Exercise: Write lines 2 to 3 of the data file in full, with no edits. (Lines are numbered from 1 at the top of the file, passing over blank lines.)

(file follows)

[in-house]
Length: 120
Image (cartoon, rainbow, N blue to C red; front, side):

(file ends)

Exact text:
Length: 120
Image (cartoon, rainbow, N blue to C red; front, side):